Let’s consider a real-life example. Since you can remember, you’ve wanted to write that special novel about cats and murder on the Hawaiian island of Oahu. You have so many big ideas, a real message you want to share with the world, but somehow it never comes together. You wake up in the morning and promise yourself you’re going to find time to sit and write today. You can barely sit still because of your anticipation over plotting, character development, and the invention of a new fantastical language (for the cats, obviously). But then after a hard day’s work, your commute home, housework, and just, well, life, you’re exhausted. Suddenly, you don’t feel quite so inspired. You put off your Great Novel Dream until tomorrow. Tomorrow becomes next week, and then next month. And so it goes.

Let’s run through a list of common recommendations for someone in your current position of struggling to write a novel. You could try to take other people’s advice on how to write your book. You could read about making better plans and outlines, or join a writing group, or even hire a writing coach to help you out of your “writer’s block.” These recommendations try to improve or optimize other variables in the equation, but they don’t address the real problem. You don’t have writer’s block, and you don’t need a coach. You’ve just run out of energy, and you’re trying to multiply by zero. And again, when your energy’s at zero, none of that other stuff matters. So long as that’s the case, you’re going to keep coming up short when it comes to things you really care about.

When you zoom out and take a bird’s-eye view, you can see so much of what’s out there in the personal development realm as merely the hopeless attempt at increasing numbers in the rest of the equation, without doing a thing to increase that big fat zero that will cancel it all out. You could waste unbelievable amounts of time trying to understand the psychological, cognitive, institutional, behavioral, or maybe even spiritual dimensions to why you can’t achieve the things you’ve already identified as important. But there’s a pretty simple explanation that will help you understand all of this without resorting to all these theories: you’re tired. You simply ran out of energy. Your gas meter is out; your battery needs recharging.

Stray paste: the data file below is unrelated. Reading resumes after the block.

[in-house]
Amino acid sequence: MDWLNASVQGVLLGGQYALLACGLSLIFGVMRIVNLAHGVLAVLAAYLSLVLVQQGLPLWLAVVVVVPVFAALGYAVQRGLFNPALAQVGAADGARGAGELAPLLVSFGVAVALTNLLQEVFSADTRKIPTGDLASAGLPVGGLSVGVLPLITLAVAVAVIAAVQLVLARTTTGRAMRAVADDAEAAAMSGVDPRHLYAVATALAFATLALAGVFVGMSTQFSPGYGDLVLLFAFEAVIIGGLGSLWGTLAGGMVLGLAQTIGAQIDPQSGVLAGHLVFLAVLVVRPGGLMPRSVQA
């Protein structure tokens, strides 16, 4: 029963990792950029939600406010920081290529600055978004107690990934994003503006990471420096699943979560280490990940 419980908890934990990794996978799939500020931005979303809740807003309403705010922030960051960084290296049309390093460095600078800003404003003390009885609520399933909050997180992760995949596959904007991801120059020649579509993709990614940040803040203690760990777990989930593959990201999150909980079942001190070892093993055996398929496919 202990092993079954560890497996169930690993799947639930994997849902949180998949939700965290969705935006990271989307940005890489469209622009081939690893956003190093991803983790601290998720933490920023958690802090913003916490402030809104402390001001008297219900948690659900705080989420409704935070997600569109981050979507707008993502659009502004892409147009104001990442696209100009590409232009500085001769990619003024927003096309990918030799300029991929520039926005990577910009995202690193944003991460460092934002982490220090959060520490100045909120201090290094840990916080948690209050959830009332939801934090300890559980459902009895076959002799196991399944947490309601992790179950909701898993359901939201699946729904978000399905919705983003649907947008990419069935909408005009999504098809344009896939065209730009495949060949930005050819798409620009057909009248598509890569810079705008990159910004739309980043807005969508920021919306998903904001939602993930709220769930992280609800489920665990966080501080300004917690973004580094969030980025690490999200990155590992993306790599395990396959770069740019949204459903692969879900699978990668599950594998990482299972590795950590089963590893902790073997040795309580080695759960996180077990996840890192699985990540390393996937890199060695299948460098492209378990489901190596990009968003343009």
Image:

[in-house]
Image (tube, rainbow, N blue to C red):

After all, at the end of the day, we are all biological beings; we’re all organisms that need energy to work, to move, to communicate, to live. If that aspect isn’t working well, all the rest of it is utterly irrelevant. So, it’s no use talking about motivation or passion or inspiration, or even deeper things like life purpose and vision, if you’re exhausted and have already burnt all your life “fuel” for the day.

With this in mind, let’s turn our focus from the rest of the equation and learn more about the one element that is quietly undoing all your effort: that tiny zero that nevertheless has a big impact. We can break down energy—psychological and physiological—into four general categories, and this is well-represented by the concept of the energy pyramid as put forth by Tony Schwartz.

Show notes and/or episode transcripts are available at

Peter Hollins is a bestselling author, human psychology researcher, and a dedicated student of the human condition.